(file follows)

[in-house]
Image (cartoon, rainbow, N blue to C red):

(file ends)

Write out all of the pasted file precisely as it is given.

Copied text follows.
[in-house]
Image (cartoon, rainbow, N blue to C red):